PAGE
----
By June, the 61 percent stake in the Kotlas mill had been snapped up by commercial structures controlled by aluminum baron Oleg Deripaska and high-profile banker Vladimir Kogan. By August, the battle for control of the mill was raging in the grandest tradition of post-Soviet takeovers, with mutually contradictory court decisions, two claimants for the director's chair, rival security details separated by makeshift barricades, heavy-handed media muckraking, and pained sighs in the international press at the malleability of Russian property law and its dampening effect on Western investment in the country.
Behind the ruckus stood an almost perversely simple mechanism for forcibly transferring ownership: A minority shareholder uses a minor violation to dispute the legality of a controlling stake, preferably filing the claim in a distant provincial court. If the court decides in favor of the minority shareholder, the controlling stake glides through receivership into new hands, which promptly fashion a new board of directors to decree new management. A court order, perhaps a scuffle at the entrance to the director's office, and the deal is done.
The practice is pervasive. An April 2002 report by Yegor Gaidar's Institute of the Economy in Transition (http://www.iet.ru/trend/2001/index.htm) presents an imposing list of takeovers in 2001 and 2002: Moscow-based Kristall (vodka) and Moskhimfarmpreparaty (pharmaceuticals), Babayevskii (a confectionery producer), the Kachkanarskii Iron Ore Dressing Works, Uralkhimmash, the Kamyshlovskii Construction Materials Factory (Sverdlovsk Oblast), the Saldinskii Metallurgical Works (rail-production monopolist, Sverdlovsk Oblast), Ust Ilim LPK (one-third of Russian pulp production, Irkutsk Oblast), the Stupinskii Metallurgical Works (nonferrous metals and heat-resistant-steel production, Moscow Oblast), the Alstom-Sverdlovskii Electromechanical Factory (energy equipment, Sverdlovsk Oblast), the Pskovsk Heavy Electric Arc Welding Equipment Plant, the Karabash Copper Smelting Integrated Works (blister copper, Chelyabinsk Oblast)...and so on and so forth.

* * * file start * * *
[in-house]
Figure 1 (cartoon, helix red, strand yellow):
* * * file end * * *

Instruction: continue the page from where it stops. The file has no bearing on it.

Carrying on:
Takeover after takeover has driven home the lesson that the best defense against the perverse simplicity of the minority-shareholder ploy is mulish obstinacy -- maintain physical control of the enterprise no matter what the courts say. Two mutually contradictory court decisions can happily coexist on two separate pieces of paper; only one party can control the ground. IPE took note, battling Deripaska and Kogan's Continental Management in court even as it manned the barricades at its facilities in the north.
In the 18 March 2003 court decision that spurred IPE to declare victory over its opponents, a Moscow arbitration court ruled that the registration companies that recorded the initial stock transfer -- the one that started the controversy -- did not have the authority to register the transaction. RBC closed its report on the ruling with the following remark:
"Today's court decision ended the suit over shares in the Kotlas pulp and paper mill and established that organizations linked to the companies Continental Management and Basic Element cannot claim that they acquired shares in the Kotlas mill -- the transaction was not recorded in the appropriate register of the enterprise's shareholders."
In other words, the deal never really took place. IPE prepared to consolidate its assets. But Continental Management, which did not accept the validity of the Moscow arbitration-court ruling and continues to consider itself the holder of a controlling stake in IPE's choice assets, was not ready to give up.